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Analysis: Red Sox better land Martinez

By MICHAEL SILVERMAN
Boston Herald

January 04. 2018 9:52PM
Arizona Diamondbacks right fielder J.D. Martinez celebrates after hitting a two run home run in the eighth inning of a July 2017 game against the Atlanta Braves at Chase Field. (Matt Kartozian-USA TODAY Sports)



What happens if the Red Sox wait too long on J.D. Martinez?

You don’t want to know.

But I’ll tell you anyway, because the longer the Sox engage in a stare-down with Martinez’ agent Scott Boras regarding contract length and terms, the more severe the consequences become next season and beyond if another team swoops in to close the deal.

It won’t be pretty.

Nothing personal against the next-best free agent sluggers in the market, Logan Morrison and Jay Bruce, but their track records are inferior to Martinez’. Their agents aren’t comparing their clients in terms the Red Sox can relate to best — David Ortiz — because that’s a void only Martinez has a chance to fill.

In Martinez’ 29-year-old season last year, he hit .303 with 45 homers and a 1.066 OPS. Ortiz at age 29: .300, 47 homers, 1.001 OPS.

If Morrison (.246, 38, .868 at 29) or Bruce (.250, 33, .815) become the consolation prize, Sox president of baseball operations Dave Dombrowski is going to need everything he’s crossing his fingers about — a return to slugging form by Hanley Ramirez and sizable upticks in performance by young players like Mookie Betts and Xander Bogaerts — to actually happen.

Since when did wishful thinking beb become a long-term strategy for a winning baseball team? I thought that went out with Steve Avery replacing Roger Clemens and Jose Offerman’s on-base percentage making up for Mo Vaughn’s swat.

Forget about the howls from media and fans. How would missing out on Martinez resonate with John Henry and the ownership group? They rid themselves of Ben Cherington and entrusted Dombrowski with a win-now mandate that has two years remaining.

Dombrowski made three strong trades for Chris Sale, Craig Kimbrel and Drew Pomeranz, but he also started off with a seven-year deal for David Price that is set to pay the starter — a health concern until proven otherwise — $32 million a year when he’s 34, 35 and 36.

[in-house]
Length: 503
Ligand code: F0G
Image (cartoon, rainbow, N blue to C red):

How’s that contract looking right now, especially if Dombrowski cannot sign Martinez to a seven-year deal that would end when the hitter is just one year older, 37, than Price?

In fact, what if you’re Price or Sale or, most importantly, Rick Porcello, who owns a 4.25 career ERA and has shown he pitches better with a strong offense behind him? How would Dombrowski explain to the pitchers that when he had the chance to spend the owners’ money and not raid the farm system, he couldn’t close the deal on Martinez?

What kind of statement would it be to Betts, Bogaerts and even rising stars like Andrew Benintendi about their long-term future that going the extra years and dollars for a proven slugger isn’t worth it?

This is just the immediate lay of the land to the risky hand Dombrowski seems to be playing. Look ahead to next winter if the Sox cannot sign Martinez.

Everyone knows that free agent class will be the best in a long, long time. Bryce Harper, Charlie Blackmon and Manny Machado be out there. So will Kimbrel for that matter. And maybe Clayton Kershaw.

When the price tags for some of those players are discussed, a contract of seven years and an estimated $200 million to $210 million for Martinez will be a bargain. And unlike next year’s premier free agents (unless one is traded), Martinez will not cost the Sox a draft pick.

The Red Sox already are going to bust through the luxury tax threshold this year. There’s no sense in embracing a tight-fisted fiscal approach this year when next year the spending targets will be much more appealing and expensive.

Look at the best options anyway: Would they bust up their outfield for Harper or Blackmon? Wouldn’t signing Machado cause a dilemma with Rafael Devers?

We all have been hearing Martinez’ name linked with the Red Sox for so long now, a myth has emerged that it’s only a matter of time before the two sides say their vows.

But the Sox have competition, other teams with even more money and just as much need for power. And those teams are offering Martinez a chance to play his desired and natural position, the outfield. The Red Sox want him to DH.

Surely the Sox are not pretending they are the only team in on Martinez. Dombrowski has struck other big deals with Boras for Prince Fielder and Magglio Ordonez, and he missed out on one, too, in Max Scherzer.

Unless the Sox have another power trick up their sleeve, they must sign Martinez.

He’d be expensive, but they can afford him.

If they decide they can’t, they won’t just look cheap.

They’ll look bad.


Red Sox/MLB